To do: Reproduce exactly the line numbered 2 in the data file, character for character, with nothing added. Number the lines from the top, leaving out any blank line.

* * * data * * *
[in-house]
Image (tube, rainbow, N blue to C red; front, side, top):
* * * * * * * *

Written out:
Image (tube, rainbow, N blue to C red; front, side, top):